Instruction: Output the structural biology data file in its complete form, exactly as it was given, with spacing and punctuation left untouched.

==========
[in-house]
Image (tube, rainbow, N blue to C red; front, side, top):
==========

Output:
[in-house]
Image (tube, rainbow, N blue to C red; front, side, top):